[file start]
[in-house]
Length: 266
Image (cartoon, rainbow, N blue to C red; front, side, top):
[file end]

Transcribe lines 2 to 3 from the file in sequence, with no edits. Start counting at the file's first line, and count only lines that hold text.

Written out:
Length: 266
Image (cartoon, rainbow, N blue to C red; front, side, top):